There's quite a few interesting stories about little Charlie that I've heard from my
relatives and family friends. Here are some that I consider the best.....
Mom told me this one. We were coming home from town (probably Independence, Jackson County, Missouri) and we saw a hitch-hiker with his thumb out. Mom said, "Well, he's going somewhere!" I got this idea when I got home to go somewhere... by the time Mom realized I was missing, a truck driver was bringing this little boy up to the house. He reported, "He had his thumb out, trying to hitch a ride!" (I think Mom got a good bit of her grey hair that day!)
This story was told to me by my third cousin, Rhenda Iris Huntsucker Strub, who heard it from her mother. The "Winnie May" who taught our Sunday School class was an older first cousin of Rhenda (and also my third cousin).
"Winnie May was our Sunday School teacher at Six Mile Baptist Church. My favorite Charlie story involves her. Mom says when we were not yet four years old and in Winnie May's class she gave all the kids crayons and paper one Sunday morning and asked us to draw a picture of God. Well, I turned out a beautiful scribble any four year old would be proud of, but you, you sent poor Winnie May screaming from the room and into the congregation after the preacher. Seems you had created a rendition of the solar system with each planet in its proper place, appropriately scaled and labeled. Winnie May was convinced you were possessed of the devil and wanted nothing to do with you, my friend! Mom says it was the funniest thing she ever saw. Winnie May hysterical waving this paper around. People looking at her like she'd lost her mind. Little kids crying and moms scooping them up. Finally, the preacher calmed her down and convinced her you were gifted, not possessed. But, they put somebody else in the Sunday School after that."
I must have a good memory, because after reading this I remember drawing a picture of the solar system in Sunday School class and never getting to finish it. I also remember something about putting an arrow on one side because "God's out THERE."
One day after my first few days of kindergarten, I came home very worried.
I told Mom, "They put me in a class with blind people!" My mother was somewhat perplexed and asked, "Why do you think that?" My reply was, "Nobody else in the class can read!" Mom then explained to me the difference between "illiterate" and "blind."
I also was somewhat surprised that "we are going to take all year to count to ten!"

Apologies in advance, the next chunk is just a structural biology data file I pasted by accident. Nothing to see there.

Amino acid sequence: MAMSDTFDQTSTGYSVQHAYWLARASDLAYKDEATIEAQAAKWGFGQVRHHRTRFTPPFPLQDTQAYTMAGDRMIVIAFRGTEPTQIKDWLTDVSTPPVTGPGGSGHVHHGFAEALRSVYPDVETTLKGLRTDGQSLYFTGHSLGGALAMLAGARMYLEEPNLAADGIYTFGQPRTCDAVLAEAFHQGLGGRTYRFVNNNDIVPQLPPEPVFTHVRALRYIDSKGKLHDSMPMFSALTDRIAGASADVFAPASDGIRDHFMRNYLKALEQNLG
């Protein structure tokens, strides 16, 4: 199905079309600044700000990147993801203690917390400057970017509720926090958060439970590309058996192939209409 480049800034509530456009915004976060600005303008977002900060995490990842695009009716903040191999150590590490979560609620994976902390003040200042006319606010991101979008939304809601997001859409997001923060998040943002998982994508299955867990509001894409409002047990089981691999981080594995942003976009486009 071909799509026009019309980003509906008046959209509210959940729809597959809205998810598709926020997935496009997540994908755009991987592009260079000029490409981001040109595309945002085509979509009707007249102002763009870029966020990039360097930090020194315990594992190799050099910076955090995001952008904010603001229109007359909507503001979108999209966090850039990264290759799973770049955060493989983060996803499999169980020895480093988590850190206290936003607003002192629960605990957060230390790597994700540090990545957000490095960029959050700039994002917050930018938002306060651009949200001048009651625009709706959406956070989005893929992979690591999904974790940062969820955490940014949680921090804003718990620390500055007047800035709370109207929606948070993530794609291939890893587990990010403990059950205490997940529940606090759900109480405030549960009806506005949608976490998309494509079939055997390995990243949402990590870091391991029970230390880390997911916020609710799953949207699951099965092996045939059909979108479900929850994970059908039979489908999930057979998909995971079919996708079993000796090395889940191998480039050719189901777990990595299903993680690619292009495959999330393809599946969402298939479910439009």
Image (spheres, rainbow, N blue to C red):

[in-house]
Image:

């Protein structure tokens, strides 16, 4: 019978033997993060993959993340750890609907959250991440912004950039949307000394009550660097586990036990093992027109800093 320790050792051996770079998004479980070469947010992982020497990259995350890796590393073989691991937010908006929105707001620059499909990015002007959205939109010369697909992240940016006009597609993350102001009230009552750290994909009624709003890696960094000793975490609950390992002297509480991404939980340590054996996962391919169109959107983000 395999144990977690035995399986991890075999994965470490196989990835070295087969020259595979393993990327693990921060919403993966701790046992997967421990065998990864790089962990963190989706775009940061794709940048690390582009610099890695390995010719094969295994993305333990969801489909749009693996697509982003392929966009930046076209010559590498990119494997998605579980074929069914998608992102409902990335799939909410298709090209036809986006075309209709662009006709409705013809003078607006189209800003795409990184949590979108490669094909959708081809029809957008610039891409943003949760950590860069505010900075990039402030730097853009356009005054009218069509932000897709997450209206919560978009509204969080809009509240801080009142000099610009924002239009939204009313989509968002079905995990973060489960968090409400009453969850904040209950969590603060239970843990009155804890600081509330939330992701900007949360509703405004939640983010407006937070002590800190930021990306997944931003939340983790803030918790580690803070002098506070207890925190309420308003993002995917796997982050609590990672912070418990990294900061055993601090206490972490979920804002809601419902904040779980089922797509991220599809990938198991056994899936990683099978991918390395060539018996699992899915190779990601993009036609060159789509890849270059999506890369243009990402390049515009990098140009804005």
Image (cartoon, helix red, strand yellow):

My personal opinion is that I had the worst tonsils ever seen in the history of the medical profession. I was quite happy to get rid of them in 1961, just short of my sixth birthday.
The state of the medical art wasn't as advanced in 1961 as it is now. Then, a tonsillectomy then involved an overnight hospital stay. (In my case, this was at the Independence Sanitarium and Hospital, where I was born.) One of the big reasons was that the anesthetics of the day took much longer to wear off than what they use now.
Well, my surgeon dropped by to make his rounds as I was getting breakfast in bed. I was still quite uncoordinated from the anesthetic, so I was getting spoon-fed all sorts of soft, tasty stuff that wouldn't irritate my only mildly sore throat. Also, all us sick kids got a present from the hospital. Mine was best described as a "MONSTER" as that was what I always called it. (No feet, no arms, lots of blonde hair, two big eyes, and an even bigger mouth. Sounds like your typical monster, doesn't it?)
His first question was, "How are we doing today?"
My immediate response: "Well, WE'RE HAVING FUN!"
He then got Mom off in the corner and asked if she told me to say that. Mom said something to the extent that she was as surprised as the surgeon was. This got written up in the Kansas City Star but somehow we never saved a copy. I've made comments about looking it up in the microfilm archives of the paper but I never have.
When I had my tonsils out, my doctor wanted a routine urinalysis. My mother helpfully translated that to the patient (me) as a request to "go to the bathroom in a tin can."
Well, when I got finished, I had a question about the validity of my lab work. "They were out of tin cans, so we had to use an Erlenmeyer flask instead. Is that OK?"
When I came back to school in the second grade, our second grade teacher did some evaluations to see how much we remembered from the first grade. One of the things we were assessed on was our ability to sort the whole numbers 1 through 100 in order.
Our test setup had 100 blocks numbered from "1" to "100" and a frame with ten rows and ten columns to put them in.
My second grade teacher had many years experience giving this test to little kids. Up to now, they searched out the "1" and placed it in the first slot. Then, they found the "2" and so on until they reached 100.
Not little Charlie! I first found the "83" and placed it in the third column in the eighth row. Then, I did the same with the other 99 numbers. My second grade teacher had done this many times, but I was the only one that took that approach.
When I was a little kid, I was reading a book about the founders of medicine: Galen, Pasteur, and above all Hippocrates. I wasn't certain how to pronounce that long name. I had heard of "hypocrites" but hadn't noted the difference in spelling.
Well, the next time I went to the doctor, I asked him about the "Oath of Hypocrites." (Or that was the way I pronounced it.) He had to think about that one for a few seconds, then he explained: "It's pronounced HIP-POC-CRA-TES!" Then, he proceeded to tell me about the Oath.
"Charlie, the Sneaker Freak!"
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Last Updated: 24 January 2017
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